SA Mines and Energy Journal : February - March 2013
FEBRUARY/MARCH 2013 SA MINES & ENERGY JOURNAL 36 ENVIRONMENT The Sandhill Dunnart is a matter of National Environmental Significance found in South Australia. Image courtesy of J. Bingall In April 2012, the Council of Australian Governments (COAG) discussed bilateral agreements for developments under the Environmental Protection and Biodiversity Conser vation Act 1999 (EPBC Act) allowing state assessment and approval processes for protecting matters of National Environmental Significance (NES). The proviso was that state legislation be consistent with federal standards in order to seek equivalent outcomes and reducing process duplication. Where the conditions of a Program for Environmental Protection and Rehabilitation (PEPR) or a Statement of Environmental Objectives (SEO) under the South Australian Mining Act 1971 and Petroleum & Geothermal Energy Act 2000 respectively satisfy those of the EPBC Act, the approvals from the relevant Ministers can be accredited under the EPBC Act. This removes the need for a separate assessment and approval from Canberra. The EPBC Act would remain the key legislative mechanism for matters of NES and the Federal Environment Minister would retain discretionary power to inter vene if necessary. The EPBC Act is the primary federal legislation for protection of matters of NES and applies in addition to state-based environmental legislation -- such as the South Australian Native Vegetation Act 1991 -- and environmental regulations regarding resources developments (PEPR/SEO). The states were supportive of the move toward bilateral agreements on the condition that the Commonwealth provide financial assistance to ensure adequate compliance. Establishment of bilateral agreements would streamline environmental approvals, reduce assessment and approval timeframes and provide decision- making clarity and consistency. This would ultimately reduce costs and make investment more attractive, a move welcomed by industry associations. Opposition to the concept of assessment and approval bilaterals was strong, especially from environmental NGOs. Australian Greens Senator Larissa Waters introduced an amendment bill to the EPBC Act, seeking a series of omissions and repeal of all sections allowing for approval bilaterals and mechanisms that facilitate negotiations between the Commonwealth and the states regarding environmental approvals. In December 2012, the Federal Government deferred the decision until the March 2013 COAG meeting, citing concerns around state approaches to standards and the need for a consistent and comprehensive set of standards before proceeding with the agreement. This decision frustrated business leaders and industry associations, which believed that an opportunity for improving the assessment and approvals process was lost, whilst stressing that they were not endorsing a reduction in environmental standards. Opposition to bilateral agreements in the media has focused on what NGOs and the Greens claim is a complete handover of all power to the states; a limiting of the practical scope of the EPBC Act and the creation of a single-tiered environmental management system. The Greens also describe the states as short-sighted, overly reliant on resource revenues and thus incapable of sound environmental governance, despite resources revenue totalling only 3.9 per cent of South Australia's Gross State Product in 2010/11. South Australia has effective environmental legislation requiring PEPRs/SEOs to ensure protection and management of the State's native vegetation, threatened and ecologically important fauna and water resources and management of emissions and waste, whilst also promoting sustainable development. Under a bilateral agreement, the State Government would be responsible for both the assessment and approval of a proposed development, subject to any legislative measures outlined in the EPBC Act for any factors likely to impact on matters of NES. While the State has the approval power, the Federal Minister for Environment would retain discretionary power to overturn a decision if necessary. A provision that all environmental assessment reports and relevant information regarding a proposal be tabled in parliament upon request also ensures that any assessment and approval process is scrutinised by members of parliament. In no way does a bilateral agreement denigrate the legal framework or the values of the EPBC Act. The issue over bilateral agreements is an ideological argument between top-down, command and control environmental governance and a more decentralised model that maintains the environmental values of federal legislation, but makes environmental governance more efficient and economical. The South Australian resources industry does not wish to avoid its responsibilities regarding environmental management and compliance, but rather welcomes a system where one comprehensive assessment process is satisfactory to gain development approval. State of play Lewis Stoll examines proposed changes to the Environmental Protection and Biodiversity Conservation Act and discusses the need for streamlining environmental approvals for the industry.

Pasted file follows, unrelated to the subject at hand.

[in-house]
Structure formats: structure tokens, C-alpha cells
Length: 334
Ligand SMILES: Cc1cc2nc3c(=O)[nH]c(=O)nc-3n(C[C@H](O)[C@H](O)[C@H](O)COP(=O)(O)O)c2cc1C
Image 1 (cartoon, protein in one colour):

December 2012 - January 2013
April - May 2013